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Britain falls silent on Remembrance Day honouring those who lost their lives – PICTURES


Across the UK, Britons took part in a two-minute silence on Remembrance Day to honour members of the armed forces who have died in the line of duty. The nation fell silent at 11 am on November 11 across the country, as civilians honoured those who lost their lives in conflict.

Remembrance Day is also known as “Armistice Day”, referring to the day an armistice agreement was agreed to end World War One.

The 1918 agreement was made to mark the end of the four-year conflict.

Germany and the Allies made the agreement “on the 11th hour of the 11th day of the 11th month”.

This year marks 102 years since the first two-minute silence was observed on Armistice Day, November 11 1919.

The two-minute silence was observed across the country, and Camilla, Duchess of Cornwall was among those attending an event to mark the occasion.

The Duchess of Cornwall joined veterans at the 93rd Field of Remembrance at Westminster Abbey, as the patron of the Poppy Factory, which makes 120,000 royal and regimental wreaths a year.

The event has been held on the grounds of the Abbey since November 1928.

The Field of Remembrance participated in the two-minute silence at 11 am, with Camilla and hundreds of veterans from past conflicts standing motionless as the chimes of Big Ben rang out.

READ MORE: Has the Queen has missed Remembrance Sunday before?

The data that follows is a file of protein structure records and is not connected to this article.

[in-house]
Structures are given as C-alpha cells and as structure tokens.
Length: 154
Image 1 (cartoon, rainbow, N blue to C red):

A service of remembrance also took place in Staffordshire, at the National Memorial Arboretum on top of the Armed Forces Memorial.

In addition to the laying of wreaths, the service also featured readings and musical performances. 

While in Portsmouth, crosses of remembrance were planted at the WWI memorial in Guildhall Square. 

A salute was given by one veteran in attendance during the two-minute silence undertaken by those gathering to honour the lost lives.

In London, everyone observed two minutes of silence as London traffic rolled past.

Labour leader Sir Keir Starmer was pictured observing the pause at the war memorial at Euston Station in London, after laying a wreath. 

While the occasion was marked at Edinburgh Castle with a single-gun salute at 11am and again at 11.02am.

In the Scottish capital, members of the armed forces community joined local government officials to lay wreaths at the Edinburgh Garden of Remembrance in Princes Street Gardens.

The open-air service was led by The Royal British Legion Scotland’s National Padre, Rev Dr Karen Campbell, and it featured the reading of Binyon’s Lines and the Kohima Epitaph.

The ceremony marks the centenary of the Royal British Legion Scotland.

The two-minute silence was also observed at the Scottish Parliament and by COP26 President Alok Sharma at the United Nations climate conference in Glasgow.

On Thursday morning, Scotland’s First Minister Nicola Sturgeon, UN Secretary-General Antonio Guterres and others all stood in silence at the UK pavilion at COP26 – the climate change summit. 

The silence was also observed during a Scottish Parliament session today, where Holyrood’s Presiding Officer Alison Johnstone led proceedings alongside opposition leaders and Deputy First Minister John Swinney.

Before the 11am silence, Ms Johnstone read a short extract from Laurence Binyon’s Ode of Remembrance before The Last Post was played by a bugler.

Ms Johnstone then stood on the steps of parliament’s garden lobby, to recite the Kohima Epitaph before the flowers of the forest folk song was played on the bagpipes.

The marking of the occasion is especially poignant this year as Armistice Day was disrupted in 2020 due to the coronavirus pandemic. 

Last year many remembered the nation’s war dead from their homes as Britons were encouraged to stay there to stop the spread of the virus. 


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